In addition, after spending a few years with Andrej Sekera partnered with Justin Faulk on the top pairing, Carolina was forced to trade Sekera at this year’s deadline. While this did open up the opportunity to see some of the Canes’ young defensive prospects play in the seasons’ final games, it leaves a giant hole in the lineup. Ron Francis has already stated that finding a partner for Faulk is a top priority in the offseason, but top-pairing defensemen don’t grow on trees. I think Francis may have more trouble finding that partner than he seems to believe.
The Final Verdict
Hockey is an unpredictable sport. Any team can beat any other team on any given night. So it would be wrong to write off the Hurricanes completely before the 2015-2016 season begins. After all, not many thought that Calgary would be competing for a playoff spot this year, yet they’ve got a date with the Anaheim Ducks in the second round of the playoffs in just a few days. The fan in me says that the Hurricanes are too talented and showed too much improvement in January/February to be a basement team again next year.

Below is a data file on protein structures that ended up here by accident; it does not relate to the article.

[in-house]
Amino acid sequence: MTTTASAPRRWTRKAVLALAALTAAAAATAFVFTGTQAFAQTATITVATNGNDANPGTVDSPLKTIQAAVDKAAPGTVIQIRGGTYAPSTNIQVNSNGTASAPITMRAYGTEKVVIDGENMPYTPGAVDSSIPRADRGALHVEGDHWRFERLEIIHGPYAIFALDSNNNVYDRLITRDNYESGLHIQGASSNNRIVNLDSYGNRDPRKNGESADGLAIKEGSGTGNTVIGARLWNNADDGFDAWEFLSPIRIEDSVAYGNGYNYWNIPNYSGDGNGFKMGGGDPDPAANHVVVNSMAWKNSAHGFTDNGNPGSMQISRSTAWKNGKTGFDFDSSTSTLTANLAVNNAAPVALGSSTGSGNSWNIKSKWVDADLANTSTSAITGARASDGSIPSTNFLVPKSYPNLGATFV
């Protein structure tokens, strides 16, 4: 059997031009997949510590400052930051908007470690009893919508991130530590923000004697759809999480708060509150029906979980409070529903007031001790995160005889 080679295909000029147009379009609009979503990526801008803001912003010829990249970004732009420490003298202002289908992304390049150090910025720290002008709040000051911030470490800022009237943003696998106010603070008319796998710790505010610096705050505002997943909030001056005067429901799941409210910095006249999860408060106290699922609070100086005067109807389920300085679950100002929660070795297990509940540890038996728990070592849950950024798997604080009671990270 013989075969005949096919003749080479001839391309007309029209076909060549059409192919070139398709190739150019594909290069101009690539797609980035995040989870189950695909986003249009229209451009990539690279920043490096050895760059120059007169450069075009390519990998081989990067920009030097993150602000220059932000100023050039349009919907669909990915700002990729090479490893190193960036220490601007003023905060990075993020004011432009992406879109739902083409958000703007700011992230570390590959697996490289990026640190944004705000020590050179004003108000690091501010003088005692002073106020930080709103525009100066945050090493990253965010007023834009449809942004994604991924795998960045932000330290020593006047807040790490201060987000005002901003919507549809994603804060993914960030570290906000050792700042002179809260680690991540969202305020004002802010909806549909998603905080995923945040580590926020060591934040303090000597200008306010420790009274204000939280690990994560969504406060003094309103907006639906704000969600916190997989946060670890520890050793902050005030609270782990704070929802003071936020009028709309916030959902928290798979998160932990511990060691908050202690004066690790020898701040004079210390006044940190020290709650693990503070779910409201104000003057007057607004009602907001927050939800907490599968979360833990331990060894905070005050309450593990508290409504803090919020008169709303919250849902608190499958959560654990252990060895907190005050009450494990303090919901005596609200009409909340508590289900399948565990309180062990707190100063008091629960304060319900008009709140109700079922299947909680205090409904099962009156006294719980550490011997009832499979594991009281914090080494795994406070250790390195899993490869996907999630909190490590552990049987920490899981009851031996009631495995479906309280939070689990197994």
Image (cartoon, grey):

That being said, the realist in me has seen it all before. A late-season run where the pressure is off and the team plays better, only to have it mean exactly nothing with regards to the team’s performance the following year. With the Hurricanes missing the playoffs for six consecutive years, their odds are weighed heavily in favor of them missing yet again in 2015-2016. There’s only so many times a team can be given the benefit of a doubt. In addition, I’d struggle to pick any playoff team in the East the Canes could plausibly replace.
Ultimately, it may come down to the little things. A healthier lineup and a bounce or two going in Carolina’s favor could have changed the Hurricanes’ fate this year. Maybe not a playoff spot, but a step in the right direction. The same might be said of next year as well.